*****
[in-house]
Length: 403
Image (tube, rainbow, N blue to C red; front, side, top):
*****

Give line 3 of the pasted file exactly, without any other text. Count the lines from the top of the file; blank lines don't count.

Image (tube, rainbow, N blue to C red; front, side, top):